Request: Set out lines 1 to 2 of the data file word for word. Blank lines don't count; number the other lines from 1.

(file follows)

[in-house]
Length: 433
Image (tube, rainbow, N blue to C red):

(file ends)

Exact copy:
[in-house]
Length: 433